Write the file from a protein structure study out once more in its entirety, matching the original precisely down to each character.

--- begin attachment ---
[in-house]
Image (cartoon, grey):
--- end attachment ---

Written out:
[in-house]
Image (cartoon, grey):